What the plunging ISM index really tells us about what’s next for the stock market

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I’m not saying the bear market is over. But if U.S. stocks continue to slide, don’t blame the ISM’s recent decline.

The Institute for Supply Management’s manufacturing index — the ISM Index — is otherwise known as the manufacturing purchasing managers index, or PMI. The ISM reflects the results of a monthly survey of purchasing managers at hundreds of U.S. manufacturing firms.

Economic calendar: Nonfarm payrolls and unemployment data due Friday, along with a consumer-credit update and more

This key indicator of economic health is currently at 52.8 — down from as high as 63.7 in early 2021, and at its lowest level since the early days of the COVID-19 pandemic lockdown. As my MarketWatch colleague Jeffry Bartash reported, this latest reading is “a sign of creeping weakness in the U.S. economy.”

Many bears have pounced on this latest reading as a reason to expect further weakness in coming months. They point out, with substantial historical supporting evidence, that corporate earnings tend to follow the lead of the ISM index with a several month time lag.

But that most definitely does not mean equities will follow. The stock market’s current level already incorporates the bad earnings significance of the ISM’s latest report. The bears’ argument would be justified only if they could show that the market systematically ignores or misinterprets that significance.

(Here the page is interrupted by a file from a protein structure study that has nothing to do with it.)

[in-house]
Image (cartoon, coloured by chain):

Yet there is no such evidence. Consider what I found upon measuring the correlation between the ISM index and the S&P 500 Index SPX, -0.08%. When focusing on contemporaneous changes in these two indices, I found a significant positive correlation coefficient — 51.3% when correlating trailing 12-month percentage changes since 1948, as you can see from the chart below. This is exactly what you’d expect from an efficient stock market, rising and falling in synch with measures of economic activity.

In contrast, when correlating the ISM’s trailing 12-month percentage change with the S&P 500’s percentage change over the subsequent 12 months, the correlation coefficient turned negative — minus 12.4%, to be exact. This inverse correlation means that more often than not, the stock market turns in above-average performance following big drops in the ISM index — and vice versa.

To be sure, this inverse correlation is only marginally statistically significant. So it would be going too far to conclude that the ISM’s recent plunge is actually good news for the stock market. But the fact that it is even inverse at all shows that the stock market more or less immediately incorporates the full economic significance of new ISM readings and, if anything, slightly overreacts.

No one is arguing that the U.S. economy isn’t weaker than it was in 2021. It undeniably is. But that weakness is already incorporated in stock prices. The future course of the stock market will be a function of whether the economy in coming months is stronger or weaker than currently anticipated.

 Mark Hulbert is a regular contributor to MarketWatch. His Hulbert Ratings tracks investment newsletters that pay a flat fee to be audited. He can be reached at mark@hulbertratings.com

More: Most U.S. businesses grow faster in July, ISM finds, in sign of resilient economy

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